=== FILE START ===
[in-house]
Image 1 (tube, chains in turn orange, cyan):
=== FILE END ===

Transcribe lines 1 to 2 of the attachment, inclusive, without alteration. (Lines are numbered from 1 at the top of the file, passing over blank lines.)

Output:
[in-house]
Image 1 (tube, chains in turn orange, cyan):